World Whistleblowers Day on 23 June is an occasion for us to celebrate the courageous individuals who come forward to report corruption, and to share some of the ways we’re helping them achieve justice.
Whistleblowing is one of the most effective ways to detect and prevent corruption and other malpractice. The vital importance of whistleblowers for our societies is regularly illustrated by the scandals they uncover – and the lasting change they help bring.
Challenging injustice at the highest level
In the Maldives, Gasim Abdul Kareem was arrested in 2016 for leaking bank statements that exposed a massive government-linked corruption scheme. His voice contributed to the authoritarian president, Abdulla Yameen, being voted out of office in 2018. The country, however, had no whistleblower protection law and Gasim was prosecuted.
Transparency International Maldives, through its Advocacy and Legal Advice Centre (ALAC), defended him in court and built widespread support for his case. Unjustly, Gasim was convicted, but the lenient sentence meant that he didn’t have to serve further jail time.
When the new government came into power, Transparency International Maldives had a draft whistleblower bill ready for lawmakers. It was passed by parliament in 2019 to guarantee protection for all Maldivian people who expose corruption in the workplace.
Transparency International and our chapters run over 100 ALAC offices across 62 countries worldwide, to help ensure people who report corruption and misconduct, including whistleblowers, are protected, not persecuted. The ALACs provide free, confidential advice on how witnesses or victims of corruption can stay safe while speaking out.
Speaking out to defend against COVID-19
Just in the first six months of the pandemic, more than 1,800 people contacted Transparency International’s ALACs in 60 countries to report corruption and seek assistance for issues related to COVID-19.
Cases reported to our ALACs show how corruption undermines health care systems and reduces people’s access to treatment and personal protective equipment, while unscrupulous networks profit from government contracts and unlawful sales of medical supplies.
Health care workers complain regularly to our ALACs about unsafe working conditions. In July 2020, José (name has been changed), a doctor at a public hospital in Venezuela, contacted Transparency International Venezuela’s ALAC when the risks of his work became too great. His bravery has the potential to improve the lives of medical staff throughout Venezuela – ALAC staff presented the safety risks in hospitals to the Inter-American Commission of Human Rights.
José tried handing in his resignation, but the hospital administration refused to let him quit. When he insisted, he was threatened by the police. Check out our illustrated story to learn more about his case.
Governments must ensure legal protection
In a year like 2021, there is no doubt that corruption costs lives and threatens livelihoods. But by blowing the whistle, people who witness wrongdoing can help protect lives, public finances and the planet.
Yet too often, people are not empowered to speak up, and when they do, they often face retaliation. Without strong legal protection and support to safely speak up, whistleblowers and their families can experience personal, professional or legal attacks, harming their mental and even physical well-being. No one should suffer this way.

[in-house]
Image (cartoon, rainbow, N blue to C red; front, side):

The international community increasingly recognises whistleblowers’ vital role in helping build fair, equitable societies but, in many places, urgent action to protect them is still needed.
For example, the European Union (EU) passed the landmark Whistleblower Protection Directive two years ago to ensure that its residents can expose abuses safely. The deadline for each EU country to create national legislation to comply with the Directive is fast approaching; yet none of the 27 countries have done so yet, while 14 member states have so far made minimal or no progress at all in implementing the Directive.
EU Whistleblowing Directive transposition: Status as of June 2021
Perhaps it’s unsurprising then that opinions across the EU are divided when it comes to the safety of reporting corruption. Released last week, Transparency International’s Global Corruption Barometer – EU showed about half of people think they will suffer retaliation if they report corruption.
It’s now urgent that countries in the EU and elsewhere adopt national whistleblowing laws that provide strong protection for anyone speaking up in the public interest. The resulting protection should meet the highest possible standards – for example, by ensuring gender-sensitive reporting mechanisms and Transparency International’s recommendations for effective whistleblower protection legislation – and cover breaches of national law.
Whistleblowers are not alone
Until robust whistleblowing laws are put in place and are implemented everywhere, Transparency International’s ALACs are here to help. No one needs to report corruption alone. We’ll act to ensure people reporting wrongdoing are kept safe and that their stories help bring justice. We’ll also keep on pushing for legal protection, so that whistleblowers can safely expose and help prevent corruption, ultimately building integrity across our societies.
Thinking about blowing the whistle on wrongdoing you have witnessed?
Please consider that whistleblower protections – where they exist – apply only in certain circumstances. Our ALACs provide free and confidential legal advice and support to witnesses and victims of corruption, including those who have not yet spoken up.
With more than 100 offices in more than 60 countries, ALACs provide an accessible, effective way for people to report corrupt and demand action.
Report corruptionTo expose corruption, please contact an ALAC
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